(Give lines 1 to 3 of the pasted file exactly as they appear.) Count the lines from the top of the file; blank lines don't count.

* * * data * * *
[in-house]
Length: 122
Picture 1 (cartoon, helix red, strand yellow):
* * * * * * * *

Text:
[in-house]
Length: 122
Picture 1 (cartoon, helix red, strand yellow):